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Hoffmann, R. A wiki for the life sciences where authorship matters. Nature Genetics (2008)

[3H]PtdIns hydrolysis in postmortem human brain membranes is mediated by the G-proteins Gq/11 and phospholipase C-beta.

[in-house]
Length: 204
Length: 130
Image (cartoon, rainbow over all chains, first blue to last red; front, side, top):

A method utilizing exogenously added [3H]PtdIns incubated with membranes prepared from postmoretem human brain has been shown to provide a means of measuring agonist-induced, guanosine 5'-O-(thiotriphosphate) (GTP[S])-dependent hydrolysis of [3H]PtdIns, thus allowing investigations of the activity of the phosphoinositide second-messenger system in accessible human brain tissue. Agonists inducing [3H]PtdIns hydrolysis include carbachol, trans-1-aminocyclopentyl-1,3-dicarboxylate (ACPD; a glutamatergic metabotropic receptor agonist), serotonin and ATP, with the latter two agonists producing the largest responses. In addition to ATP, [3H]PtdIns hydrolysis was induced by ADP and by 2-methylthio-ATP, indicating that P2-purinergic receptors mediate this process. Subtype-selective antibodies we used to identify Gq/11 and phospholipase C-beta as the G-protein and phospholipase C subtypes that mediated GTP[S]-induced and agonist-induced [3H]PtdIns hydrolysis. These results demonstrate that this method reveals that agonist-induced, GTP[S]-dependent [3H]PtdIns hydrolysis is retained in postmortem human brain membranes with properties similar to rat brain. This method should allow studies of the modulation of phosphoinositide hydrolysis in human brain and investigations of potential alterations in postmortem brain from subjects with neurological and psychiatric diseases.[1]


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